CS2AO17-Algorithms and Operating Systems

Module Provider: Computer Science
Number of credits: 20 [10 ECTS credits]
Terms in which taught: Autumn / Spring / Summer module
Pre-requisites: CS1FC16 Fundamentals of Computer Science and CS1PR16 Programming
Non-modular pre-requisites:
Modules excluded:
Current from: 2020/1

Module Convenor: Prof Xia Hong

Email: x.hong@reading.ac.uk

Type of module:

Summary module description:

Algorithms and Operating Systems are fundamental concepts in Computer Science discipline. The module gives an introduction to fundamental algorithm design strategies that are common to many concrete applications. It also explores the features underlying the concepts of Operating Systems and provides experience of practical aspects related to core concepts in the area.


The module consists two parts. The first part, Algorithms, is one of the cornerstones of computer science and the aim of this part is to provide an appreciation of the concepts involved in the design and analysis of algorithms. The second part, Operating Systems, aims to provide an insight into the underlying theory and practical aspects that make up the cornerstone of computer science from the point view of machine operations.

This module also encourages students to develop a set of professional, skills such as problem solving, logic thinking, creativity and numeracy.

Assessable learning outcomes:

On completion of the module a student should be able to:

  • Identify the fundamental strategies in algorithmic design;

  • Distinguish which strategy is appropriate to solve a given problem;

  • Classify different algorithmic strategies;

  • Analyze a given algorithm and assess its efficiency;

  • Apply techniques of proof by induction to verify certain properties of algorithms;

  • Describe various virtualisation abstractions underlying operating systems;

  • Identify the fundamental structures of an operating system and the notion of universality that arises in several resource management contexts;

  • Demonstrate insights into notions of concurrency and their practical realisation;

  • Analyze the performance of design alternatives arising in virtualisations using relevant criteria;

  • Apply techniques of virtualisat ion in the concrete design of operating systems and application layers.

Additional outcomes:
Students will have seen a number of useful case studies illustrating the techniques which can be transported to other areas of the course. Through practical work students will gain deeper insights into concurrent and multi-threading implementations of programs.

Outline content:


  • Additional Data structures (Heaps, Graphs);

  • Divide and Conquer (General method, Analysis, examples - Sorting, Convex Hull, Matrix Multiplication);

  • The Greedy method (General method, Analysis, examples - Shortest Paths, Spanning Trees);

  • Dynamic Programming (General method, Analysis, Travelling salesperson, Transitive Closure);

      Operating Systems:

  • Introduction to operating systems (Virtualisation, OS structure, System Calls);

  • Concurrency (Processes, Threads);

  • Scheduling (Scheduler classes, Scheduling algorithms);

  • Inter-process Communication (shared vs. message passing, Mutual exclusion);

  • Memory Management (Segmentation, Paging, limits of multi-programming);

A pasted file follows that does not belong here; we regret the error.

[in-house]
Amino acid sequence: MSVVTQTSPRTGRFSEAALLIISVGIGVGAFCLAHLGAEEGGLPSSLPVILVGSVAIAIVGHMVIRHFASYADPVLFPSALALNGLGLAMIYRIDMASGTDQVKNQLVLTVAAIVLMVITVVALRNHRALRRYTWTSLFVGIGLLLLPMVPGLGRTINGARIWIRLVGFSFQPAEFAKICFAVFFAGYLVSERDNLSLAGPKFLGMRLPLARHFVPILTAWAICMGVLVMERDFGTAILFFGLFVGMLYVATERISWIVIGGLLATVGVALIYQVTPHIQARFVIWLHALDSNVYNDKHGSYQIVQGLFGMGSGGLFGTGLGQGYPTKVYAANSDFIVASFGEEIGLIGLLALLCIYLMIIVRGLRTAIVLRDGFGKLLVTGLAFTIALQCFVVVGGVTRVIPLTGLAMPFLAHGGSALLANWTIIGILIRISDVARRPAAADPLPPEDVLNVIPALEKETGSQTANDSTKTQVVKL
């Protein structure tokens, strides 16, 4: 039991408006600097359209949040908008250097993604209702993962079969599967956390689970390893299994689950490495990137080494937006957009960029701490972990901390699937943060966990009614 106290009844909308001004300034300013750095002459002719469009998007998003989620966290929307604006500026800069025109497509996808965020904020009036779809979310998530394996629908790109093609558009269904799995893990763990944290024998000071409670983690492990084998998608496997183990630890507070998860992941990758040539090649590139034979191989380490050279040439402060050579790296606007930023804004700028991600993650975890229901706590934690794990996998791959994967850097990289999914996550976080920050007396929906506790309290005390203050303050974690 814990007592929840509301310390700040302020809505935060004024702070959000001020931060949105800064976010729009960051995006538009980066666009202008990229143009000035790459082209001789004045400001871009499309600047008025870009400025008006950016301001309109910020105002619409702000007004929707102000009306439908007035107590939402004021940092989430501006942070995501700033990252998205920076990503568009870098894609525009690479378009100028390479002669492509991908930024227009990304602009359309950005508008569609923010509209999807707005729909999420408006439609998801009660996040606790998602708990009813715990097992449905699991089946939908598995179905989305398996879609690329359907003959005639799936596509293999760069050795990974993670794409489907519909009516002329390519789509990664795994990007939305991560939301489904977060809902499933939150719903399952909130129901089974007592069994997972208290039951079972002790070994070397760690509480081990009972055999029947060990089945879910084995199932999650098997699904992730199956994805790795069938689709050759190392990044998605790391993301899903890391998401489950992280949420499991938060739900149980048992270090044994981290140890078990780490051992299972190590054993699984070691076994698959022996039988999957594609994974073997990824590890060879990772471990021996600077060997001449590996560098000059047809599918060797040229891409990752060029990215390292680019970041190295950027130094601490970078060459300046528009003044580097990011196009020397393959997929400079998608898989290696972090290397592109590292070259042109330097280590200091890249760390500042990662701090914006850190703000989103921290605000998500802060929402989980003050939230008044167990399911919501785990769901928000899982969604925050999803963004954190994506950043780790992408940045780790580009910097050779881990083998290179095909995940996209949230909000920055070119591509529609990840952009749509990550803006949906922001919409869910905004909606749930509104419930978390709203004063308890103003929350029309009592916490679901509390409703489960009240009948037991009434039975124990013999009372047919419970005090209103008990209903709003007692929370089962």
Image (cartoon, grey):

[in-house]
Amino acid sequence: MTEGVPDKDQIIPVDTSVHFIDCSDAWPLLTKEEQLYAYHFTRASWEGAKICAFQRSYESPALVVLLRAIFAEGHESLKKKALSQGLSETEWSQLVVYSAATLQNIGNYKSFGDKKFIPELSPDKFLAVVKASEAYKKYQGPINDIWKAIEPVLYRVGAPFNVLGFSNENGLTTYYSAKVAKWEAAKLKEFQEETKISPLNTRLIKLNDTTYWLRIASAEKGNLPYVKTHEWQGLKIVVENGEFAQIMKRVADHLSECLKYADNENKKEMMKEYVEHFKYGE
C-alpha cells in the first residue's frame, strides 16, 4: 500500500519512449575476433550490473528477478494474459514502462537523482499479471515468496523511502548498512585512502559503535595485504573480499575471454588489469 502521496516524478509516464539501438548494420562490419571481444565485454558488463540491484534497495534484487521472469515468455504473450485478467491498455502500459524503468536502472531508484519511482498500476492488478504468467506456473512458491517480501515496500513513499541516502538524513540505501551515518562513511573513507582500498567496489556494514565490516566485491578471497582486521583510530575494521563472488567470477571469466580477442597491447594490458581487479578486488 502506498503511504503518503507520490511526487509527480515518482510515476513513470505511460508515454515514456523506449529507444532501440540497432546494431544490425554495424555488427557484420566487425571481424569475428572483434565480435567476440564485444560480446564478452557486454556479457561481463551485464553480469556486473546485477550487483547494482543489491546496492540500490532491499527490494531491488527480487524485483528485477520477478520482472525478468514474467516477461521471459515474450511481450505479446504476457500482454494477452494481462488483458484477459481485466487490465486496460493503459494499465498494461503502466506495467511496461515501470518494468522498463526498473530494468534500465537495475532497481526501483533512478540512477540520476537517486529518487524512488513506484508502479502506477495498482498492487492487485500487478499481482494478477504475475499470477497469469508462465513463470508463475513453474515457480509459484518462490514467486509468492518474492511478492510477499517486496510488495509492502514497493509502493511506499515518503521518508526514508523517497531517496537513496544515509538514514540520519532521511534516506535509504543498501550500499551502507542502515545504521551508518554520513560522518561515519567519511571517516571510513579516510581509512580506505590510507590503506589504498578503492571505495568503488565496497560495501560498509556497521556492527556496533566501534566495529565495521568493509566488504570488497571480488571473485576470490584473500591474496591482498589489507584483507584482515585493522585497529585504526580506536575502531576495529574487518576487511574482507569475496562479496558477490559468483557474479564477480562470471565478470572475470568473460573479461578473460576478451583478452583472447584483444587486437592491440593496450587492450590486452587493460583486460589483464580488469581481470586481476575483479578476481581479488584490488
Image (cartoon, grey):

• File System (File Management, Disk Arm Scheduling, Case Study);

  • Input and Output

  • Security and Protection (Protection domain, Authentication).

Brief description of teaching and learning methods:

Lectures and self-study (Algorithm) 

Lectures and practicals (Operating Systems)

Contact hours:
  Autumn Spring Summer
Lectures 20 14 2
Practicals classes and workshops 6
Guided independent study: 79 79
Total hours by term 99 99 2
Total hours for module 200

Summative Assessment Methods:
Method Percentage
Written exam 70
Set exercise 30

Summative assessment- Examinations:

One 3-hour examination paper in May/June.

Summative assessment- Coursework and in-class tests:

15% of Algorithms (two timed online tests)

15% of Operating systems; the coursework will be discussed during the timetabled practical class

Formative assessment methods:

Penalties for late submission:

The Module Convenor will apply the following penalties for work submitted late:

  • where the piece of work is submitted after the original deadline (or any formally agreed extension to the deadline): 10% of the total marks available for that piece of work will be deducted from the mark for each working day[1] (or part thereof) following the deadline up to a total of five working days;
  • where the piece of work is submitted more than five working days after the original deadline (or any formally agreed extension to the deadline): a mark of zero will be recorded.
The University policy statement on penalties for late submission can be found at: http://www.reading.ac.uk/web/FILES/qualitysupport/penaltiesforlatesubmission.pdf
You are strongly advised to ensure that coursework is submitted by the relevant deadline. You should note that it is advisable to submit work in an unfinished state rather than to fail to submit any work.

Assessment requirements for a pass:

A mark of 40% overall.

Reassessment arrangements:

One 3-hour examination paper in August/September.  Note that the resit module mark will be the higher of (a) the mark from this resit exam and (b) an average of this resit exam mark and previous coursework marks, weighted as per the first attempt (70% exam, 30% coursework).

Additional Costs (specified where applicable):
1) Required text books:
2) Specialist equipment or materials:
3) Specialist clothing, footwear or headgear:
4) Printing and binding:
5) Computers and devices with a particular specification:
6) Travel, accommodation and subsistence:

Last updated: 16 April 2020


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